For my project, I attempted to visualize how Gui d’Ussel’s and Maria de Ventadorn’s partimen might be perceived by a modern audience. The narrative is simple: Maria de Ventadorn (as she is represented by the feminine lyrical subject) asks Gui d’Ussel if a lady should treat her lover as an equal and if she should do for him what he does for her “according to the laws that lovers hold.” Maria de Ventadorn’s question sparks a dialogue in which she and her interlocutor try to specify the ideal relationship between lady and lover – between domna and drutz. However, this discussion of the ideal relationship cannot be dissociated from the context of enunciation, that is, from Maria de Ventadorn’s and Gui d’Ussel’s own relationship to one another. I tried to highlight the interdependency of these two levels of dialogue in my project by using different colors to designate the context and the content of enunciation. Thus, I hope to show that Maria de Ventadorn’s vision of the ideal relationship serves to confirm the superior position she assumes, not only as the “dompna” but also as the initiator of conversation; while Gui d’Ussel’s vision challenges the inferior position he is relegated to as “Gui” and as the (involuntary) addressee. This may be how we picture the poem today, but how might a medieval audience have visualized its scenes? Of course it is impossible to recreate the context of reception, but medieval images and iconography do at least hint at possible interpretations of fin’amor and courtly love relationships. While my photographic interpretation foregrounds the emotion the poem conveys to modern readers, medieval imagery is highly conventionalized and stereotypical. However, the medieval images highlight a crucial aspect: the very hierarchy which the partimen challenges and negotiates is founded on a series of conventions and “lieux communs” which form the very basis for understanding the poem. Interestingly, the juxtaposition of my modern photographs with the medieval iconography emphasizes the conventional character of the signs and gestures that make up our “modern” lovers’ discourse. In this sense, I hope that the presence of both medieval and modern images can help enrich and enhance our experience of the poem.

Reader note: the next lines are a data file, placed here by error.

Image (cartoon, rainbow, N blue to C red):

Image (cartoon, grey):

“Gui d’Ussel be.m pesa de vos” in Images
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